ASN's Mission

ASN leads the fight to prevent, treat, and cure kidney diseases throughout the world by educating health professionals and scientists, advancing research and innovation, communicating new knowledge, and advocating for the highest quality care for patients.

learn more

Contact ASN

1401 H St, NW, Ste 900, Washington, DC 20005

email@asn-online.org

202-640-4660

The Latest on Twitter

Kidney Week

Abstract: SA-PO1048

High K Intake Modulates Thiazide Sensitive Na-Cl Cotransporter Mediated Na and K Transport: Effects of Gender and Angiotensin II Type 1a (AT1a) Receptor

Session Information

  • Na+, K+, Cl-
    November 04, 2017 | Location: Hall H, Morial Convention Center
    Abstract Time: 10:00 AM - 10:00 AM

Category: Fluid, Electrolytes, and Acid-Base

  • 703 Na+, K+, Cl- Basic

Authors

  • Li, Jing, Yale University, New Haven, Connecticut, United States
  • Xu, Shuhua, Yale University, New Haven, Connecticut, United States
  • Wang, Claire J, Yale University, New Haven, Connecticut, United States
  • Hu, Haiyan, Yale University, New Haven, Connecticut, United States
  • Weinstein, Alan Mark, Weill Medical College of Cornell, New York, New York, United States
  • Palmer, Lawrence G., Weill Medical College of Cornell, New York, New York, United States
  • Wang, Tong, Yale University, New Haven, Connecticut, United States
Background

The thiazide-sensitive Na-Cl cotransporter (NCC) plays a key role in controlling NaCl absorption in the distal tubule, and also modulates salt and fluid delivery to downstream portions of the nephron, thus regulating K secretion. Previously we reported that higher NCC expression correlates with activity in female WT, and that gender-specific differences were absent in AT1a receptor knockout (KO) mice. We have now studied the gender difference in response to high K intake in WT and AT1a receptor KO animals.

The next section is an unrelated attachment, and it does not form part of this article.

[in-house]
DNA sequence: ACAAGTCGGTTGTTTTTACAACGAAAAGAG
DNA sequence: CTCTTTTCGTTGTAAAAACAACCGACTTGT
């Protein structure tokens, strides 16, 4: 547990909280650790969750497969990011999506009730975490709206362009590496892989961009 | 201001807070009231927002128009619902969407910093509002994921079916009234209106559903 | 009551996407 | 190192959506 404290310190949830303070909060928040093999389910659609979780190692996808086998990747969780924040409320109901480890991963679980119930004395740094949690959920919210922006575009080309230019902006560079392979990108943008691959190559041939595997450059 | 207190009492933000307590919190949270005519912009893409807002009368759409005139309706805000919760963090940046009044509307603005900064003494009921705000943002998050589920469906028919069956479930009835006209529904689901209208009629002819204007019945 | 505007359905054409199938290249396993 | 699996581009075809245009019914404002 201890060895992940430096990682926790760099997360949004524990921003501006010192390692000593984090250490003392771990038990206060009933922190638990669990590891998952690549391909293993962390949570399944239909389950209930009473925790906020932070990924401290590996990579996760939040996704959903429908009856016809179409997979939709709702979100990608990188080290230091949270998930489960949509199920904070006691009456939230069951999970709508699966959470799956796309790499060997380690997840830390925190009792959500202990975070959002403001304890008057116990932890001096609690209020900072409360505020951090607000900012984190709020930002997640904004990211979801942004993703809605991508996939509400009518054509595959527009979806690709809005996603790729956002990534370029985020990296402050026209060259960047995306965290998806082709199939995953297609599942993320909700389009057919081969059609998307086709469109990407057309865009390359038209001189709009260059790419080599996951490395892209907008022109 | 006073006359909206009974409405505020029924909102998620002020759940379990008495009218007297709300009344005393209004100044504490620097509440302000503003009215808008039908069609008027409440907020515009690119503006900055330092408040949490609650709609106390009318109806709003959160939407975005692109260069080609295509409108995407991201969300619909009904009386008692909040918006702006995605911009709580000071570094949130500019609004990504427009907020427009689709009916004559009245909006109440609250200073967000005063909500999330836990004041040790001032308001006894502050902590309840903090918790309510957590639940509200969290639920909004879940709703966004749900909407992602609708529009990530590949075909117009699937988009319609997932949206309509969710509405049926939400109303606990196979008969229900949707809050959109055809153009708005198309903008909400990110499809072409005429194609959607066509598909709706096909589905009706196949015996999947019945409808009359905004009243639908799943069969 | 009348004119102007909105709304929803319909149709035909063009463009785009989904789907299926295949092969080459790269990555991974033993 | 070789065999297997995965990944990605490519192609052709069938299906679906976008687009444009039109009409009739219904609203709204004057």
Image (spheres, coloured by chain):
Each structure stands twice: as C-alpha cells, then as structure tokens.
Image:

Methods

Renal clearance experiments were performed on male WT and KO mice treated with normal and high K (5% KCl, 7 days) diets. Urine volume (UV), glomerular filtration rate (GFR), absolute (ENa, EK) and fractional (FENa, FEK) Na and K excretion were measured and compared at peak changes after a bolus iv injection of hydrochlorothiazide (HCTZ; 30mg/kg). Total NCC (tNCC) and Na/H-exchanger isoform 3 (NHE3) expressions in the kidney were examined by Western blotting.

Results

In WT mice, HK reduced tNCC abundance by 70% in females and by 60% in males. In KO mice HK produced more reduction of tNCC in male (60%) than female (33%). Functional measurements showed that in WT, K loading diminished HCTZ-dependent FENa by 53% in females and 42% in males. FENa was not reduced by high-K diet in KO mice. High-K intake significantly increased HCTZ-induced kaliuresis (EK) by 129% in WT male, but reduced EK in WT female (68%), KO male (51%) and KO female (55%). NHE3 expression was significantly reduced with high-K diet in all groups. There was no hyperkalemia in any group.

Conclusion

These results suggest that i) NCC activity decreases in response to a high-K diet, in part through decreased protein expression; ii) these responses depend on gender as well as on the presence of the AT1a receptor; iii) Proximal tubule function is also regulated by chronic high-K intake.

Funding

  • NIDDK Support